Microsoft: Windows Live Wave 4 test bits due in 'the coming weeks'

Summary:How long have we been hearing the next version of Microsoft's Windows Live "Wave 4" services are "coming soon"? I've lost count. But on April 21, Chris Jones, Corporate Vice President of the Windows Live Experience, said the same again.

How long have we been hearing the next version of Microsoft's Windows Live "Wave 4" services are "coming soon"? I've lost count. But on April 21, Chris Jones, Corporate Vice President of the Windows Live Experience, said the same again. in an official capacity.

Microsoft will be rolling out sometime in the next few weeks to a small group of select testers the "Wave 4" versions of the new Hotmail, Live Messenger and Windows Live Essentials, Jones said in an April 21 blog post.

Update (April 22): As one Microsoft official reminded me, Microsoft's Windows Live team has not publicly committed to a delivery date for Windows Live Wave 4 before now. However, a number of my readers have said they've been hearing privately about Windows Live Wave 4 due dates and schedules for months. Various services have leaked repeatedly. We've seen tons of screen shots. I guess that explains why so many of us Microsoft watchers feel like we've been hearing about Windows Live Wave 4 even though we haven't been provided with an official beta yet.

Jones told me during a phone conversation yesterday that there are "tens of thousands" of people inside Microsoft already using the Wave 4 services (plus many other thousands using leaked and torrented versions, which Jones didn't mention). The private Wave 4 beta will be expanded to a larger group shortly thereafter, he said, with the final release of the services-only WIndows Live properties coming first, followed by the Windows Live properties that include both a service and a software component before the end of the year.

Jones declined to be any more specific on the timeline. The rumored final release to the Web for Windows Live Wave 4 is this summer.

Jones did confirm what many of us have been expecting: The Windows Live Wave 4 client software won't work on Windows XP.

"Our focus is on Windows 7 and, to a lesser extent, Windows Vista," Jones said. He attributed the decision not to create an XP version to Microsoft's decision to support features that were only available in Windows 7 and Vista. He noted that Windows Live services that don't include a software client (like Hotmail, for example) will continue to work in the browser on XP.

Given that Windows Live Wave 4 is meant to complement Windows 7 (which RTM'd last July), what's been the hold-up, I asked Jones. Isn't one of Microsoft's goals with services like Windows Live and Bing to be able to push out new features more rapidly than Microsoft traditionally has done via its "big bang" operating system releases?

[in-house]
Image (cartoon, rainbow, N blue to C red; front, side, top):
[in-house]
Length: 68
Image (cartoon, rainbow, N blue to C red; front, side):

"Customers don't want change to be too rapid" with certain kinds of software and services, he said. No one wants their email changing in a major way every few months, he claimed. That said, "we do want to be responsive to customers' requests." He said Microsoft has been introducing quietly incremental changes to Hotmail, Messenger and other Live services every two to three months.

Jones wouldn't talk about specific features for any of Microsoft's Windows Live Wave 4 deliverables. (Many of them are pretty well-known, given all the aforementioned leaks and screen shots of them over the past year or so.) But he did emphasize that Microsoft's goal with the Wave 4 release is to complement existing email, photo-sharing, document-collaboration and social networking properties, not to replace them.

"Our (Windows Live Wave 4) services are not meant to try to get you to switch to something new," he said. People already have more than enough e-mail clients, social networks, event-planning sites and photo-sharing centers.

"Don't expect to see new or more (Windows Live) services from us," Jones said. "Expect us to do more things like adding more sharing options to e-mail." And with the new Windows Live Essentials, "we'll make it easier to connect with what you already use," he added.

Topics: Windows, Enterprise Software, Microsoft


Mary Jo Foley has covered the tech industry for 30 years for a variety of publications, including ZDNet, eWeek and Baseline. She is the author of Microsoft 2.0: How Microsoft plans to stay relevant in the post-Gates era (John Wiley & Sons, 2008). She also is the cohost of the "Windows Weekly" podcast on the TWiT network. Got a tip? Se... Full Bio

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